Herberger Theater Center 30 Years of Cultural Contribution

Writer Joseph J. Airdo

Photography Courtesy of the Herberger Theater Center

Mark Mettes Sr. has seen downtown Phoenix develop and grow around the Herberger Theater Center in the 30 years that the venue has graced the community.

“When I was first working here in 1992, we would all stop rehearsal as it began to get dark, run outside and move our cars closer,” says the president and CEO of the theater. “But now, downtown is a destination and an exciting urban environment. And we are really excited to be in the middle of that and to be part of the downtown community.”

For the past 30 years, the Herberger Theater Center has strived to support and foster the growth of performing arts in Phoenix as the premier performance venue, arts incubator and advocate. As a nonprofit organization, it has continuously contributed to the cultural and educational development of the Valley.

Today, the venue is home to six resident performing arts companies, an art gallery and more. The venue is busier than it has ever been before in terms of the number of performances it hosts, the number of days it is used and the number of patrons who visit it each year—about 120,000 people, including 30,000 school-aged children.

A New Day Dawning

The Herberger Theater Center’s story began in 1980, when Phoenix Mayor Margaret Hance asked Richard Mallery—an attorney who belonged to an influential group of business leaders called the Phoenix 40—to chair a committee to research and determine the need for a performing arts venue in downtown Phoenix.

The committee returned with a recommendation to build the venue as there were a number of performing arts organizations that needed a suitable performance space in the Phoenix area.

“This early morning celebration symbolizes the beginning of a new day dawning for the performing arts in Arizona,” Mallery said during the 1987 groundbreaking ceremony of what was then called the Phoenix Performing Arts Center.

During the same ceremony, G. Robert Herberger recalled a lunch meeting he had with Mallery at Phoenix’s Plaza Club during which he first learned of the initiative to build a performing arts venue in downtown Phoenix.

“Before we got through dessert, I said, ‘OK, we’ll go for it,” Herberger said.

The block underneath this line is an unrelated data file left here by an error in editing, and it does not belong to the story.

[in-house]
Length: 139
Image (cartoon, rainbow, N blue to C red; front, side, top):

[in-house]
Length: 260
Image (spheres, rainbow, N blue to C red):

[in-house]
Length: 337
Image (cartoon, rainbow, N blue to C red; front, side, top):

Herberger was a philanthropist who in 1949 moved his family to Phoenix from the Midwest. He switched vocations from the owner of a department store chain to a land developer. Meanwhile, his wife Katherine—or Kax as she is more intimately known—became a major patron of and contributor to the city’s arts organizations.

With the Herbergers’ help, the performing arts venue was raised. Since the couple’s passing, their son Judd Herberger and his wife Billie Jo have continued to support the nonprofit organization.

Mettes notes that the Herberger Theater Center started with a commitment to giving performing arts organizations in the Valley a chance to grow and thrive by connecting them with the audience they so deserve. In turn, those performing arts organizations—and the Herberger Theater Center—have helped downtown Phoenix grow and thrive as well over the past 30 years.

“There is now so much going on around us,” says Mettes, noting that housing, restaurants, retail and even Arizona State University have all made themselves neighbors of the Herberger Theater Center over the years. “As the years have gone by, our focus has adjusted a little bit in order to make sure that we are remaining relevant and connected to the needs of the arts community.”

Where Audience Meets Art

Since its humble beginnings, the Herberger Theater Center has made it a point to grow alongside the downtown community. It has not only increased its number of ticketed performances but also expanded upon its offerings, adding several free events available to the community year-round.

“I think that we are the community’s gathering place for the best in the arts,” Mettes says. “We are where audience meets art and we provide a lot of different opportunities for people throughout the community to enjoy diverse ranges of art—whether it is the visual arts or, of course, the performing arts on our stages.”